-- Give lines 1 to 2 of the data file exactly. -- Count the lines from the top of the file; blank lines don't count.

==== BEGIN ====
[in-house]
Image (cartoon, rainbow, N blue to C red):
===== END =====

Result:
[in-house]
Image (cartoon, rainbow, N blue to C red):